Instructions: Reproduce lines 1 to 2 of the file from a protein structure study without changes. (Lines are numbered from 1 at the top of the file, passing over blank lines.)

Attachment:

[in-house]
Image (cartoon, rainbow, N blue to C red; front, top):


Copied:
[in-house]
Image (cartoon, rainbow, N blue to C red; front, top):